Difference between Parliament and Legislative Assembly

Key difference: A Parliament and a Legislative Assembly are both names that are given to a legislature. A legislature is nothing more than a decision-making organization. The most common, and probably the only difference between the two is that while the name Legislative Assembly can be given to any legislature, the name Parliament is reserved for a legislature under the Westminster-style system.

The political system is a very diverse topic that is hard to understand. Add to this the fact that each country’s political system differs from the other, and then this system becomes even more confusing. Now consider that a Parliament and a Legislative Assembly is effectively the same thing, but depending on the country that they are incorporated in, they can be as diverse as apples and oranges.

 A Parliament and a Legislative Assembly are both names that are given to a legislature. A legislature is nothing more than a decision-making organization. It is part of the country’s government and has the power to enact, amend and repeal laws. The also have the power to create and amend budgets, as well as observe and steer governing actions.

Often the names "parliament" and "congress", are given to national legislatures, while "assembly", "diet", "majlis" and "council" are regarded as being lesser than the national level. However, this is not always the case, and the situation may differ depending on the country in question. Essentially the most common, and probably the only difference between the two is that while the name Legislative Assembly can be given to any legislature, the name Parliament is reserved for a legislature under the Westminster-style system.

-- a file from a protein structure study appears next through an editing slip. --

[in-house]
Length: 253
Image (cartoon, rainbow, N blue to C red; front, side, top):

The members of the legislature sit and debate the various issues that are presented in front of it, which may have an impact on the country’s laws and regulations. The legislature can be made up of one of more deliberative assemblies. If the legislature has only one house or chamber, then it is known as a unicameral legislature, while if it has two, it is known as a bicameral legislature. A legislature may have a three chamber structure, known as tricameral, but those are usually rare.

In a unicameral legislature, it holds all the power as allowed to a legislature by that country’s government. Whereas, in a bicameral legislature, the powers will be divided between the two. One example of a bicameral legislature is the UK Parliament, which has the House of Commons and the House of Lords.

The Parliament is usually always led by the nation's prime minister (PM), who is almost always the leader of the majority party in the lower house of parliament, but only holds his or her office as long as his party’s majority is maintained. The parliamentary system can be contrasted with a presidential system, where the nation’s leader, i.e. President is not dependent on a party’s majority but is rather directly selected by the people. Consider for example, the US presidential system, which also consists of a bicameral legislature, i.e. the Congress, which has the House of Representatives and the Senate, but the US President does not directly control either one.

Comparison between Parliament and Legislative Assembly:

 

Parliament

Legislative Assembly

Type of

Legislature

Legislature

Level

Almost always National

National, State, Regional, Local.

Definition

A decision-making organization, usually associated with national government, that has the power to enact, amend and repeal laws.

A legislature is a decision-making organization that has the power to enact, amend and repeal laws.

Part of

The Parliamentary System of Government

Any type of Government

Form of Government

Usually Democratic

Can be any, but usually Democratic

Functions

Representation, legislation and parliamentary control (i.e., hearings, inquiries).

Enact, amend and repeal laws

Observe and steer governing actions

Amend the budget or budgets

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Comments

i thnk that the above answer is right.....according to me

Thanks for the information provided, it was really educative. We just had an argument on the form of government: Parliamentarian and Legislative form of government. This argument was based on my colleague describing the Liberian law making house as "Parliament" rather than Legislature. The fact that Liberia has a unitary form of government rather that federal government.

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